by David Safier
In today's Star, there's a story about City High School students helping out the family of a recent graduate whose family has a combination of financial and health problems. They did some yard work and trash hauling at a mobile home the family is moving into, and they presented the family with a $2,000 check.
City High is a charter school with 28 seniors, all of whom worked on the project. Things like this happen through clubs at schools all the time, but the nice thing here is that it's not a small group of do-gooders getting together to help out. It's the entire class. A small charter school can make this happen far more easily than at a larger traditional school, which is one of the advantages charters, especially small ones, have. Community service can be incorporated into the school's curriculum seamlessly. I don't know anything about the school, so I don't know if the academics are good there, but I certainly like this.
I should note that a supporter of the school gave the students $2,000 to give away as they wished, so the seniors didn't raise the funds. I don't want to give them undeserved praise.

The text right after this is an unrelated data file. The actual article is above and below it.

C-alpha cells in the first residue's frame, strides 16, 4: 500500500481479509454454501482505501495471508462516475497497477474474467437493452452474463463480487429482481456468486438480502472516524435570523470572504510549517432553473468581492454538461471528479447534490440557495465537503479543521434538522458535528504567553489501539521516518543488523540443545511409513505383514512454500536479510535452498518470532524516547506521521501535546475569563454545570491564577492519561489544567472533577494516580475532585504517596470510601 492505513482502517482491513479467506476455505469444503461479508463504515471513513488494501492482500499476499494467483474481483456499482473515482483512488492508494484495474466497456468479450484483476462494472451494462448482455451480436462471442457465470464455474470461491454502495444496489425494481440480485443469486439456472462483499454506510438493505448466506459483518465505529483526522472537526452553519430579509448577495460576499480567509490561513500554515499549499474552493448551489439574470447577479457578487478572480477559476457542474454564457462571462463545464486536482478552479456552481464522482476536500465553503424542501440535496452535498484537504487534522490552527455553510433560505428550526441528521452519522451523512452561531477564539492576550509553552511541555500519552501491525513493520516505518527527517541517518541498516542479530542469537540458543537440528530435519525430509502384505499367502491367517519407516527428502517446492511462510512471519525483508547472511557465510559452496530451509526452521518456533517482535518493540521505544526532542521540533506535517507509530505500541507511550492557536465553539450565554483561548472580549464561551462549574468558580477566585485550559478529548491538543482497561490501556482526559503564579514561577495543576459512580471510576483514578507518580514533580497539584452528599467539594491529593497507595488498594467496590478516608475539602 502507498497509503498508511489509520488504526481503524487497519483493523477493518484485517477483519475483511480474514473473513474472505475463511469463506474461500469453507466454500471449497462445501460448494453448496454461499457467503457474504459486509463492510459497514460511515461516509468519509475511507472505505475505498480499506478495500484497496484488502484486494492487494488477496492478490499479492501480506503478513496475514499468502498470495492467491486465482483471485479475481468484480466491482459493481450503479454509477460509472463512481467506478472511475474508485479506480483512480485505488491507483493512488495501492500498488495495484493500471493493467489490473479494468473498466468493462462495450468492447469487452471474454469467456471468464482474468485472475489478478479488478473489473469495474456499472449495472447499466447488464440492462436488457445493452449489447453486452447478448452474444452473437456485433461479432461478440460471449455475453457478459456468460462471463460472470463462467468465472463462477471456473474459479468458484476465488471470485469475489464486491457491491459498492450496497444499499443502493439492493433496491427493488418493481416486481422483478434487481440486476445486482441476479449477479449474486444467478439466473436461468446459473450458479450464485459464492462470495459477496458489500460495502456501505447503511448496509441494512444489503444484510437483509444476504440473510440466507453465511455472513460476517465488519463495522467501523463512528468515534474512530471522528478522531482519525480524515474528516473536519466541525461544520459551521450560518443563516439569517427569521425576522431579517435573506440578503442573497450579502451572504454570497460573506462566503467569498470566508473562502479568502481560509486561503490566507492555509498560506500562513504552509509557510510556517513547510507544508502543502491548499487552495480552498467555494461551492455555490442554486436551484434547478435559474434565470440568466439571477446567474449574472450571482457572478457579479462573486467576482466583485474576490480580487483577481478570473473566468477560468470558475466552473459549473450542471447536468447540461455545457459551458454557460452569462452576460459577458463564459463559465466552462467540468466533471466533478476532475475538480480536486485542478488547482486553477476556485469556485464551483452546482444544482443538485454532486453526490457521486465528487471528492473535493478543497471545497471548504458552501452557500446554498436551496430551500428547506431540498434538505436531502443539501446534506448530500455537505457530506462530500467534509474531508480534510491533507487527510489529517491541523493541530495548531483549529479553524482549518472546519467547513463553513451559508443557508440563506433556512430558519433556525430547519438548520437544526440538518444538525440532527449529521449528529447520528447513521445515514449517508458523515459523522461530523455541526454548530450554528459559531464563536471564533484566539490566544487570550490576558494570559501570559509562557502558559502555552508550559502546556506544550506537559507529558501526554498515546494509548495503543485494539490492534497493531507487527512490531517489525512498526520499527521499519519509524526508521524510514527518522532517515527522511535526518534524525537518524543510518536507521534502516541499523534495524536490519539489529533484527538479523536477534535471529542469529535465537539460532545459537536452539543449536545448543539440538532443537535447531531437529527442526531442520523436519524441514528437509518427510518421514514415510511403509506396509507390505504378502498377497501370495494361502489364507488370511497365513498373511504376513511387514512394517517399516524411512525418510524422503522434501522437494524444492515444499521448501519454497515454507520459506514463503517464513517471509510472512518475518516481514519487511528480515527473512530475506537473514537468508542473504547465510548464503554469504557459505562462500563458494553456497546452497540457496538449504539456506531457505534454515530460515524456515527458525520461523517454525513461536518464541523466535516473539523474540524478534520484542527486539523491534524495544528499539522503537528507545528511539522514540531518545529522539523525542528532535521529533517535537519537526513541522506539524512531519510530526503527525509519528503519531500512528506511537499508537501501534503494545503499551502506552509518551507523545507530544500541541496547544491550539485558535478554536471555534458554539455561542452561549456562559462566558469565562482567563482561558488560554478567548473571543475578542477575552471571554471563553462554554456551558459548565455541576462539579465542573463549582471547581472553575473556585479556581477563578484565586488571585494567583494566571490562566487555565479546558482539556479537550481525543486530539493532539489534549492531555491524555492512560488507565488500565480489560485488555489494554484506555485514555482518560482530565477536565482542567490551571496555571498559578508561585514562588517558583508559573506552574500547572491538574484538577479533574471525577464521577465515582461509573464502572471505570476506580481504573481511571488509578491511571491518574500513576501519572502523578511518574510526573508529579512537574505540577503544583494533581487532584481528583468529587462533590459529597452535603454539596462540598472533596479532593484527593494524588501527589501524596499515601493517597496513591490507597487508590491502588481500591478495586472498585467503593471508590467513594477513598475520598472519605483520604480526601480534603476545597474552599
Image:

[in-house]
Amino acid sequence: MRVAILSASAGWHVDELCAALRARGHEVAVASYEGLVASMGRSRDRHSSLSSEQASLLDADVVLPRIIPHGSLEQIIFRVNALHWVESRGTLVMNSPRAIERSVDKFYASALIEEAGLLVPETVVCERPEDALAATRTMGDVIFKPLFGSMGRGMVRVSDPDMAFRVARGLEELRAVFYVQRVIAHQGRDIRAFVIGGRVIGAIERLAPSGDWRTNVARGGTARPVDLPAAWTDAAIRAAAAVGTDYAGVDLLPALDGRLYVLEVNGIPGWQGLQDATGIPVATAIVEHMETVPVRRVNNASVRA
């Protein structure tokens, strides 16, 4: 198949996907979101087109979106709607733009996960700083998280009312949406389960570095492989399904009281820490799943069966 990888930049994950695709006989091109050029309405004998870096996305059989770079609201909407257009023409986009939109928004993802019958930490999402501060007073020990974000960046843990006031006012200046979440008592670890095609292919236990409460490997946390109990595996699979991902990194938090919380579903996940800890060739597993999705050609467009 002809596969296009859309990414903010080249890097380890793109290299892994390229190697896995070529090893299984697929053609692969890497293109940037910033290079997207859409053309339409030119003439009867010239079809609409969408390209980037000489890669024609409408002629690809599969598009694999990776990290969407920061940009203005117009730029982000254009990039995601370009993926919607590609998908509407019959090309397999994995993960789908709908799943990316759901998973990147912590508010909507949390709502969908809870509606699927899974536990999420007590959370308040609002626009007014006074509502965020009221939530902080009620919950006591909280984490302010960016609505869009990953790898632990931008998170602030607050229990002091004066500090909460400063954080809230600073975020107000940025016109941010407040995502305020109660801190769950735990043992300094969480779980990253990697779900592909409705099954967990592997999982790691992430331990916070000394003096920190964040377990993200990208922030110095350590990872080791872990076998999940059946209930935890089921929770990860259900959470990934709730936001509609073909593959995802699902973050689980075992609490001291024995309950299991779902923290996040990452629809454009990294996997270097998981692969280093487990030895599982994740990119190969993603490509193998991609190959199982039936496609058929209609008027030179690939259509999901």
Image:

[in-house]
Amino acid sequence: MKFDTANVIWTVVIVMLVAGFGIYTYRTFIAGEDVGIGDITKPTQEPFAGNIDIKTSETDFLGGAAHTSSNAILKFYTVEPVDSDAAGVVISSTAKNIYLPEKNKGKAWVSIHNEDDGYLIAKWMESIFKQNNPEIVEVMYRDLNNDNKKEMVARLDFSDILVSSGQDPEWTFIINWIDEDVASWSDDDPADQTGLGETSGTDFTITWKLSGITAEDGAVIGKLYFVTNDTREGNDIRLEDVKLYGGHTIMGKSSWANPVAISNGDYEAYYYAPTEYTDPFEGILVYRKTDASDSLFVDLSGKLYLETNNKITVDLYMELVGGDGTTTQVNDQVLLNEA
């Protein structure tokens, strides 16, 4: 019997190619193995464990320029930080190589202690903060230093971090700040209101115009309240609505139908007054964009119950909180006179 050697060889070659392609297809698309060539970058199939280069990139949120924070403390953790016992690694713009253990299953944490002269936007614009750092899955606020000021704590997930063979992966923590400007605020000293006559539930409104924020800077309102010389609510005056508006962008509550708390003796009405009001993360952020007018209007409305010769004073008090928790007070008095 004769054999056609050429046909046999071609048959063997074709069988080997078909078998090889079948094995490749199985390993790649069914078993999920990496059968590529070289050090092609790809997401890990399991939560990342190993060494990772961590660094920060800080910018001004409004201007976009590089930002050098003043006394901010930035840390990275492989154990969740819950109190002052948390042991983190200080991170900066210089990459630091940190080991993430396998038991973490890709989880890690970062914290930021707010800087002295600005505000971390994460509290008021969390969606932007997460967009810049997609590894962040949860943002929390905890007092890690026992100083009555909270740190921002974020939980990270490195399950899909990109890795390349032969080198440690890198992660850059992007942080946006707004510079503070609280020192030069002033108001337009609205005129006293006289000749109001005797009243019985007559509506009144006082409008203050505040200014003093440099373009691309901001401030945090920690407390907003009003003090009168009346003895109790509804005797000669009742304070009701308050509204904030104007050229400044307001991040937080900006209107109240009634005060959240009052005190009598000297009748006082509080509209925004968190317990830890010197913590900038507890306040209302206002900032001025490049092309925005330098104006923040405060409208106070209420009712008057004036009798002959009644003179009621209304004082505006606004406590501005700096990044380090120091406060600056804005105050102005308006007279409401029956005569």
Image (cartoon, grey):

UPDATE: A comment from SonoranSam reinforces my feeling that good charter schools are a welcome addition to the public school scene:
My kid went to City HS. Great place with an excellent, highly motivated principal.
Community involvement is an essential part of the City HS experience.
I'd recommend the place highly to anyone with a teen-ager – especially a teen-ager who is a square peg being pounded into the rounded hole of traditional high schools.
I know I said I'd shut up about vouchers (and I know I'm going to kick myself for bringing this up again), but charter schools are one of the best arguments against the need to use public funds to send students to private schools. Charters are a kind of public/private hybrid which, when well regulated, combine government oversight with independence.